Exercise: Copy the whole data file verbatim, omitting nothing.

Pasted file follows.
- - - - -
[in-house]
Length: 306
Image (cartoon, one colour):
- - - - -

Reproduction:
[in-house]
Length: 306
Image (cartoon, one colour):